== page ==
So the eyes stay dry
When we cut an onion, the same tragedy always follows. First itches, then it burns, and finally the tears flow. Because with every cut the cells of the vegetables are destroyed. This causes the enzyme alliinase inside the cell to come into contact with the amino acid isoalliin from the cell wall. The enzyme cleaves the amino acid and, among other things, the gas propanthial oxide is formed. This irritates the eyes and lets the tears flow. In this way, the body dilutes the irritant and rinses it out of the eyes.
But what helps against the unpleasant howling in the kitchen? The most important utensil is a sharp knife, because in this way fewer cells are injured. If you cut while sitting, you do not hold your head directly over the work surface and therefore come into contact with less irritant gas. The extractor hood or hood on the open window can also remove the acrid fumes from the air.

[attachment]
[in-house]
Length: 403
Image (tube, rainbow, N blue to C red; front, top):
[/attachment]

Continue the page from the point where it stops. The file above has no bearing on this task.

Water forms a film on the surface and in this way retains the irritant. It is therefore advisable to briefly immerse the cutting board, knife and onion in cold water. It has also proven useful to put the onion in the refrigerator for half an hour before cutting. The low temperatures lower the enzyme activity so that less irritant gas is generated. If everything does not help, some use unusual methods and pragmatically wear diving goggles when cutting onions.
But none of these “tricks” from everyday kitchen is really convincing. That is why scientists keep tinkering with “tear-free” onions and bringing new varieties onto the market. Recently, American breeders have developed an onion through decades of crossings, the peculiarity of which becomes clear when it is stored. As normal varieties increase in sharpness over time, the new onion becomes milder and sweeter. When cutting, the eyes should stay dry. So far, the tear-free onion is only available in a few US supermarkets. It is questionable whether it will also come onto the German market. This is why inventiveness is still in demand when cutting onions. Heike Kreutz, respectively